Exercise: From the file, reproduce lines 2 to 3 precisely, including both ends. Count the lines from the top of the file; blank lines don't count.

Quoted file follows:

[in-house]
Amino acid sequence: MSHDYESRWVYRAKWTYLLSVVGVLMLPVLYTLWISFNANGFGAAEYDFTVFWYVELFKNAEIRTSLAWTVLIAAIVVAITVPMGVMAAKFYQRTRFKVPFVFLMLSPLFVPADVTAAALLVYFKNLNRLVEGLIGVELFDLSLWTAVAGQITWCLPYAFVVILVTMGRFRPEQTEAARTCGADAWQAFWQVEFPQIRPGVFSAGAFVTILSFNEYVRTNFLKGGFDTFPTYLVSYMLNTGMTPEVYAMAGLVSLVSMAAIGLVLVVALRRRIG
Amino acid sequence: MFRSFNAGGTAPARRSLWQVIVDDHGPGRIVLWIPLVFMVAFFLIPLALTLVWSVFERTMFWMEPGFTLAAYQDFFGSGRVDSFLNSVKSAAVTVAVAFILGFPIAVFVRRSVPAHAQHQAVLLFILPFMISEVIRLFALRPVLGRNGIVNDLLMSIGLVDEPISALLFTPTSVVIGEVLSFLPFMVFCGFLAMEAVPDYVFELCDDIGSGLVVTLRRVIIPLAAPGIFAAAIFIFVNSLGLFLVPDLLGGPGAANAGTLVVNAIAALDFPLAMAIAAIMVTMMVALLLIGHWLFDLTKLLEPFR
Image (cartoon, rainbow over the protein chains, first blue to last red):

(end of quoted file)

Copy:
Amino acid sequence: MSHDYESRWVYRAKWTYLLSVVGVLMLPVLYTLWISFNANGFGAAEYDFTVFWYVELFKNAEIRTSLAWTVLIAAIVVAITVPMGVMAAKFYQRTRFKVPFVFLMLSPLFVPADVTAAALLVYFKNLNRLVEGLIGVELFDLSLWTAVAGQITWCLPYAFVVILVTMGRFRPEQTEAARTCGADAWQAFWQVEFPQIRPGVFSAGAFVTILSFNEYVRTNFLKGGFDTFPTYLVSYMLNTGMTPEVYAMAGLVSLVSMAAIGLVLVVALRRRIG
Amino acid sequence: MFRSFNAGGTAPARRSLWQVIVDDHGPGRIVLWIPLVFMVAFFLIPLALTLVWSVFERTMFWMEPGFTLAAYQDFFGSGRVDSFLNSVKSAAVTVAVAFILGFPIAVFVRRSVPAHAQHQAVLLFILPFMISEVIRLFALRPVLGRNGIVNDLLMSIGLVDEPISALLFTPTSVVIGEVLSFLPFMVFCGFLAMEAVPDYVFELCDDIGSGLVVTLRRVIIPLAAPGIFAAAIFIFVNSLGLFLVPDLLGGPGAANAGTLVVNAIAALDFPLAMAIAAIMVTMMVALLLIGHWLFDLTKLLEPFR